Japan, India Ink Civil Nuclear Energy Cooperation Deal

Narendra Modi and the Prime Minister of Japan, Mr. Shinzo Abe with the participants of the India-Japan Business Leaders Forum, in New Delhi on December the 12th, 2015.

During Japanese Prime Minister Shinzo Abe's visit to India, it was announced that Japan will be a partner in Malabar Naval Exercises, taking it from a bilateral naval exercise between India and the United States to a trilateral level on a permanent basis.

India and Japan also reached an agreement on the construction of a 500-kilometer (310.68 miles) railway linking the western Indian cities of Mumbai and Ahmedabad, Modi added.

A long-mooted civil nuclear agreement is also on the agenda, allowing Japan to export nuclear plant technologies to the subcontinent.

"Tokyo will want some kind of commitment from India that it will not conduct a nuclear test. But India will have concerns about its strategic autonomy being curbed if it agrees to conditionalities", said Lalima Varma, professor of Japanese studies at New Delhi's Jawaharlal Nehru University.

The Indian PM further said that the wide ranging collaboration between India and Japan, especially in clean energy and energy efficiency technology, would create solutions for the world at large.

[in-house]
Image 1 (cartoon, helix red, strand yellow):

If realized, it could become Japan's first military equipment transfer in decades after Abe lifted a ban on weapons sales under the country's post-World War II pacifistic constitution.

"We believe that disputes must be resolved peacefully and that all countries must abide by worldwide law and norms on maritime issues", Mr. Modi said. Highlighting the strategic importance of the bilateral ties, Japan asserted that a strong India is in the interest of Japan and a strong Japan was in the interest of India.

Similarly, India has invited Japan to take part in its Rs 50,000-crore plan to build six conventional submarines as part of "Make in India" drive.

"This enterprise will launch a revolution in Indian railways and speed up India's journey into the future", Modi said.


Top officials said the nuclear agreement still needed "legal scrubbing" and finalization of technical details, while Mr. Abe will need to get parliamentary approval and navigate tough domestic laws.

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